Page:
Posted: October 19, 2010 in play
Tags: , , , , , , , , , , , , ,

Men chiefly miss the most important criteria for picking a wife — the thermal factor. Before marrying my wife, Linda, I checked her radiation level. They were high, so I proceeded toward the ceremony. Since the vows, I’ve only had warm nights.

My wife always keeps me cozy, and I usually try to keep her laughing. The two go well together.

In one season of our life, when I wasn’t coming home from work on time, I told her I had a solution. I would hire a husband named Brad to come home each night at five o’clock. He would say “hi,” listen to her day, pick up the house, do any dishes in the sink or any other small chore she asked him to do, and then he would slip out the back when I arrived. One rule – Brad wasn’t allowed upstairs in the bedroom.

I haven’t seen Brad lately. I think she fired him. I’m expected home again at night. It’s probably better.

I have a deeply held belief: laughing is esential to good living, and a husband and a father should do anything for a laugh. So I pretty much do.

When Linda and I first married I made her cry, once or maybe more. But I didn’t panic. When the tears came out, I took my fingers and gently pushed them back up toward her eyes. “Go back,” I commanded, and she laughed as she cried. Laughing and crying have actually gone together for us, in tandem so to speak, through our whole marriage.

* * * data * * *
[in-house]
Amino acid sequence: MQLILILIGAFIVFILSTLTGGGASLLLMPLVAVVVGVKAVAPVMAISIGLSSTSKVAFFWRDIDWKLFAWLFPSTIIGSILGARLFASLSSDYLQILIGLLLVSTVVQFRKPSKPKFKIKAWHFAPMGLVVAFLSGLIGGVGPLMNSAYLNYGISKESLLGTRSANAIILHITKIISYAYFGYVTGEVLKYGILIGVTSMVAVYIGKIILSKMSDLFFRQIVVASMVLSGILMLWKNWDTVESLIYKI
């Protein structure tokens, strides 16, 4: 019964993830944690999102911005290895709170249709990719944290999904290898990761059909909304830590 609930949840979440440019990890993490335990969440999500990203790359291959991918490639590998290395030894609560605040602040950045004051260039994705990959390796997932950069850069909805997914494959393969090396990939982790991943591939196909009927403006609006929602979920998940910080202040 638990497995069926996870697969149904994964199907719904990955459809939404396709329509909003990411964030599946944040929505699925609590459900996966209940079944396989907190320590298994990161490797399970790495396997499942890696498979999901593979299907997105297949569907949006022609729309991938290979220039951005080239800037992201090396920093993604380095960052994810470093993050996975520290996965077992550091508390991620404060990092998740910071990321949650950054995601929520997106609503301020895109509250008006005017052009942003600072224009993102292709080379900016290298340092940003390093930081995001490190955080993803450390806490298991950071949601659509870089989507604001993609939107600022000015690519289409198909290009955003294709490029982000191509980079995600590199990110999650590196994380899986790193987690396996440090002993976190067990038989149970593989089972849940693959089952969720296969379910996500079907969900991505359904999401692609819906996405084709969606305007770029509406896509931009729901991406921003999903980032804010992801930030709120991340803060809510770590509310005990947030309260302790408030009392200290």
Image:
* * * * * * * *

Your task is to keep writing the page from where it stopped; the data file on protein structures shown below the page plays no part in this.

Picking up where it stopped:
I’ve worked at it. Trying is at least worth something.  If I want to convince one of my daughters to do something they don’t want to do, I often begin, “I read a study that said…” and they begin to holler and hoot. “I read a study that children who rub their father’s back, tended to live 10.5 years longer than those who don’t.” It doesn’t work, and yet it does. They laugh.

But it’s hard to be droll, all the time, so we got pets.

Last week, I kicked the small chip of ice that fell from my cup across the tile and into breakfast nook. It skidded along the floor like an ice hockey puck and came to a stop in the corner. Before it could even think about melting it was had.

Into the corner my black cat, Shanaynay, bounced. Up on to the wall she went with all four paws, off the wall she glanced, onto a second wall of the corner she bounced, then twisting in the air she landed facing and swatting the ice with a velvet paw. Nice!

Playful!  It is an excellent way to live. To fly through the air, to bounce off the walls, to spin on the way down, to swat at life between your paws, to have a little fun, to make someone else laugh – it’s good. Even the cats know that.